It was that same year that the Auschwitz Museum bought some watercolours signed "Dinah 1944:. Not connecting the name with Dina Babbitt, they were not able to contact the artist -- for six years. In 1973, Dina borrowed money to fly to Poland to retrieve her paintings. However, the museum refused to return them to her, saying they were an integral part of Auschwitz' history (although they had 2000 other pieces of art to display).
Romanis painted by Dina at Auschwitz courtesy holocaustunit2012.wikispaces.com.
There began a political battle to get the paintings back that would last until Dina died. In 2002 Congress declared the painting rightfully Dina Babbitt's. Certain politicians tried to put pressure on the President to in turn put pressure on the Polish government for the artwork. In 2006, 450 cartoonists and comic book creators signed a petition supporting Dina. A short film, "The Last Outrage", an adaptation of Neal Adams' comic strip, was produced in 2009. The paintings remain, however, in the museum.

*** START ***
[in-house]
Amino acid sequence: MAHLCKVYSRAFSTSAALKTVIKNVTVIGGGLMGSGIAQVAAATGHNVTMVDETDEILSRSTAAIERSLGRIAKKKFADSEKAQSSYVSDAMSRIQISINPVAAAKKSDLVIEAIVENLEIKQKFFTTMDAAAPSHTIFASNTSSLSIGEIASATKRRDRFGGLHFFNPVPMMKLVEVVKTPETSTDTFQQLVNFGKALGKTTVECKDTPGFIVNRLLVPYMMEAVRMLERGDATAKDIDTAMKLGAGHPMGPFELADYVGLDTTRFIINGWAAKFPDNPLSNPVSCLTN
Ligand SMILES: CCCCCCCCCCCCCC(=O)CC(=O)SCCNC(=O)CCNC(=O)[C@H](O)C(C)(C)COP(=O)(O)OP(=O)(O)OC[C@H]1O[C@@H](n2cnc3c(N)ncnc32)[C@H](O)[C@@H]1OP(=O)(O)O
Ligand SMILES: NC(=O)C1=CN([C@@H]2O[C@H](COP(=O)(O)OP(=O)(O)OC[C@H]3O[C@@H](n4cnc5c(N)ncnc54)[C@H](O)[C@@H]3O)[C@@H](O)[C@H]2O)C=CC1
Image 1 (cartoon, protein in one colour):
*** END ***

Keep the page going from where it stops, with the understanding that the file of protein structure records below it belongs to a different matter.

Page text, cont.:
As Dina explained: "Every single thing including our underwear, was taken away from us...My dog, our furniture, our clothes. And now, finally, something is found that I created, that belongs to me. And they refuse to give it to me." Frustrated, Dina passed away from cancer in 2009. Her children continue to lobby the government for the return of the watercolours.
Dina Babbitt at her easel courtesy www.telegraph.co.uk.
How did the son of German immigrants turn his bankrupt horseradish business into a successful ketchup conglomerate? According to Heinz: "To do a common thing uncommonly brings success." And that's just what he did. However, although we think he started with a common tomato, he didn't. He began with a common horseradish from his mother's garden.
H. J. Heinz started gardening at the tender age of six with his mother by his side. By 1851, he was selling vegetables to his Pittsburgh neighbours. Within a year he was making his mother's horseradish recipe. In 1856 he started delivering produce via horse and wagon. Within four years, he was making three weekly deliveries about town.